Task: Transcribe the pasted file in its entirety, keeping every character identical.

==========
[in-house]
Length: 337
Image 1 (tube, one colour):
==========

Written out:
[in-house]
Length: 337
Image 1 (tube, one colour):